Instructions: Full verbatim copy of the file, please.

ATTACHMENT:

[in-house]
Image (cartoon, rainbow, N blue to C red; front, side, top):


[in-house]
Image (cartoon, rainbow, N blue to C red; front, side, top):